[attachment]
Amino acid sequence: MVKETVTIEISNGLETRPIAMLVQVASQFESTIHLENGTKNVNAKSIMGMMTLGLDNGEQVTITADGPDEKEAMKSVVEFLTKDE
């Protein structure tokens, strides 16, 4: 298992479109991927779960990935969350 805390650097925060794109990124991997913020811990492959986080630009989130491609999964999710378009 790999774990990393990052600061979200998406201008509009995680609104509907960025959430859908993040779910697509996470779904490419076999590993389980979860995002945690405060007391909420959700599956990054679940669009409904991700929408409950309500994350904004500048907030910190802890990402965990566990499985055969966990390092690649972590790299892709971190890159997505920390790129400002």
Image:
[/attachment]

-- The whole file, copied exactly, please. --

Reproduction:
Amino acid sequence: MVKETVTIEISNGLETRPIAMLVQVASQFESTIHLENGTKNVNAKSIMGMMTLGLDNGEQVTITADGPDEKEAMKSVVEFLTKDE
């Protein structure tokens, strides 16, 4: 298992479109991927779960990935969350 805390650097925060794109990124991997913020811990492959986080630009989130491609999964999710378009 790999774990990393990052600061979200998406201008509009995680609104509907960025959430859908993040779910697509996470779904490419076999590993389980979860995002945690405060007391909420959700599956990054679940669009409904991700929408409950309500994350904004500048907030910190802890990402965990566990499985055969966990390092690649972590790299892709971190890159997505920390790129400002």
Image: